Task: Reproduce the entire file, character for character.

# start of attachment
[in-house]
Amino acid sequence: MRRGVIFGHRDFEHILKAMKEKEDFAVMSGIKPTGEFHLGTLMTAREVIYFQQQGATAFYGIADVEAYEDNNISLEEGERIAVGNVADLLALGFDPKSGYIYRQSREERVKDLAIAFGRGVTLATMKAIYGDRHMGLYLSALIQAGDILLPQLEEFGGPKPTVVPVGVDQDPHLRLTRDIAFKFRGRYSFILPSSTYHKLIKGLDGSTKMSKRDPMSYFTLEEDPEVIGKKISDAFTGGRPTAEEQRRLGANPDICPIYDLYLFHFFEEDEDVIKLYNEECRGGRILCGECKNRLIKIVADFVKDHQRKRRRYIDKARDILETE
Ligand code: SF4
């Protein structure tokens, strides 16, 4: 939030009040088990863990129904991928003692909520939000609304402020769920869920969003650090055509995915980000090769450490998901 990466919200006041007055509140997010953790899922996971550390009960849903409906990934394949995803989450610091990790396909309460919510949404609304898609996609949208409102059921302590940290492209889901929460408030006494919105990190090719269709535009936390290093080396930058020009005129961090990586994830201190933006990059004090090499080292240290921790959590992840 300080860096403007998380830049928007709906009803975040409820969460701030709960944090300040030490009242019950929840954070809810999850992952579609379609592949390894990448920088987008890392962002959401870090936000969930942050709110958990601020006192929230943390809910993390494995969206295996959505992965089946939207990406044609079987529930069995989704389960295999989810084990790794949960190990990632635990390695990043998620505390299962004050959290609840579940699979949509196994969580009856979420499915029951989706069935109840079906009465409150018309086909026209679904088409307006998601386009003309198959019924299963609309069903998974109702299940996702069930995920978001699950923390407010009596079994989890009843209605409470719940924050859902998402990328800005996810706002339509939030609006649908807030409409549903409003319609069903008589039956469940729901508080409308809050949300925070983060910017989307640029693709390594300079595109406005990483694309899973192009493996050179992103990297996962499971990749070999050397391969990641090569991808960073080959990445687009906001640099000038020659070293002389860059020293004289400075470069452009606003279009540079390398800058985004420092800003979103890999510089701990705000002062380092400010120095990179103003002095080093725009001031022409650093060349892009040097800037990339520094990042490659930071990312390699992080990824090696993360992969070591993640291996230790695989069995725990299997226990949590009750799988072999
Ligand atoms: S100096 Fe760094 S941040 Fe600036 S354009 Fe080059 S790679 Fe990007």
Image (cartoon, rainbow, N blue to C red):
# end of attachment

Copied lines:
[in-house]
Amino acid sequence: MRRGVIFGHRDFEHILKAMKEKEDFAVMSGIKPTGEFHLGTLMTAREVIYFQQQGATAFYGIADVEAYEDNNISLEEGERIAVGNVADLLALGFDPKSGYIYRQSREERVKDLAIAFGRGVTLATMKAIYGDRHMGLYLSALIQAGDILLPQLEEFGGPKPTVVPVGVDQDPHLRLTRDIAFKFRGRYSFILPSSTYHKLIKGLDGSTKMSKRDPMSYFTLEEDPEVIGKKISDAFTGGRPTAEEQRRLGANPDICPIYDLYLFHFFEEDEDVIKLYNEECRGGRILCGECKNRLIKIVADFVKDHQRKRRRYIDKARDILETE
Ligand code: SF4
């Protein structure tokens, strides 16, 4: 939030009040088990863990129904991928003692909520939000609304402020769920869920969003650090055509995915980000090769450490998901 990466919200006041007055509140997010953790899922996971550390009960849903409906990934394949995803989450610091990790396909309460919510949404609304898609996609949208409102059921302590940290492209889901929460408030006494919105990190090719269709535009936390290093080396930058020009005129961090990586994830201190933006990059004090090499080292240290921790959590992840 300080860096403007998380830049928007709906009803975040409820969460701030709960944090300040030490009242019950929840954070809810999850992952579609379609592949390894990448920088987008890392962002959401870090936000969930942050709110958990601020006192929230943390809910993390494995969206295996959505992965089946939207990406044609079987529930069995989704389960295999989810084990790794949960190990990632635990390695990043998620505390299962004050959290609840579940699979949509196994969580009856979420499915029951989706069935109840079906009465409150018309086909026209679904088409307006998601386009003309198959019924299963609309069903998974109702299940996702069930995920978001699950923390407010009596079994989890009843209605409470719940924050859902998402990328800005996810706002339509939030609006649908807030409409549903409003319609069903008589039956469940729901508080409308809050949300925070983060910017989307640029693709390594300079595109406005990483694309899973192009493996050179992103990297996962499971990749070999050397391969990641090569991808960073080959990445687009906001640099000038020659070293002389860059020293004289400075470069452009606003279009540079390398800058985004420092800003979103890999510089701990705000002062380092400010120095990179103003002095080093725009001031022409650093060349892009040097800037990339520094990042490659930071990312390699992080990824090696993360992969070591993640291996230790695989069995725990299997226990949590009750799988072999
Ligand atoms: S100096 Fe760094 S941040 Fe600036 S354009 Fe080059 S790679 Fe990007």
Image (cartoon, rainbow, N blue to C red):